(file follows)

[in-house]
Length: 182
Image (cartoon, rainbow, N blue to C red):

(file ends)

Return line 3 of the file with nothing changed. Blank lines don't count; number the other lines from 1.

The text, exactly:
Image (cartoon, rainbow, N blue to C red):